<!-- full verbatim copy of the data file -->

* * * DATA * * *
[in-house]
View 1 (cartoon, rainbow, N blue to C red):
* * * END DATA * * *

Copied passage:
[in-house]
View 1 (cartoon, rainbow, N blue to C red):